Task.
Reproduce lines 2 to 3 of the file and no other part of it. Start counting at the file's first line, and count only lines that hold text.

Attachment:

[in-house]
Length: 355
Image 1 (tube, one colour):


Length: 355
Image 1 (tube, one colour):